The Branch Line Society

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Scunthorpe Steeler No19
Monday 26th August 2019

Report by Geoff Middleton


The dawn of a sunny and hot Bank Holiday Monday can only ever mean one thing - pack up the car and head to Scunthorpe Steelworks. Our Society has taken to running twice annual brake van trips around the vast Scunthorpe complex with more than 100 miles of track set in 1,700 acres. This was the 19th such trip recently, which usually take place over the Aug Bank Holiday and the first week in Jan when much of the site's operation is shutdown, allowing us access to areas we wouldn't normally be able to reach. For regulars they mark the passage of time, like Christmas, birthdays, dental checkups and car servicing/MOTs etc.

So it was that at 09.00 with the temperature already in the mid-20s and rising, I turned up at the Appleby Frodingham Railway Preservation Society Frodingham platform to find a mix of familiar 'old faces' and more than a few newbies. In fact, the total of 80 participants set a new Society record for attendance here due to the temporary availability of four brakevans instead of the usual three.

Soon after 09.30 Yorkshire Engine No1 made its way into the platform with said brake vans in tow followed by a dignified scramble to grab the best places, standing on the veranda or seated inside depending on choice. I've always preferred the veranda to give the best view of the track ahead and fill in my A3 map. Thanks to Mark Haggas, all participants were provided with two printed colour copies.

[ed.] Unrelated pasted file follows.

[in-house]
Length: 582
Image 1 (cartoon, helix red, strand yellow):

Setting off, news came that a TPE train bringing tour participants had started from Sheffield instead of Manchester (the first time this had happened). Our organiser decided we would return to the platform to collect them off the next train. That still allowed time for a visit to the CEW Dock which was much clearer than usual, and to the end of its headshunt, overlooking the Heavy Repair Bay (HRB) and some lines at the rear of the HRB itself. This was where our newcomers got to enjoy the magical experience of that first Scunthorpe Kiss when we gently nudged the buffers at the end of a cute little siding behind the bike sheds HRB. Even a few of the grizzled veterans shed a tear. Four of the eight northeastern end HRB lines were traversed and the Pig Castor Stay Road was thrown in for good measure. [Thanks to our map man Martyn Brailsford, a marked up updated tour map is available on our website Archive.] A shock for many at this 'point' was the total disappearance of Scunthorpe Plate Mill (closed Oct 2015) -all demolished - leaving just Line 23 and a very large empty space drastically changing the landscape.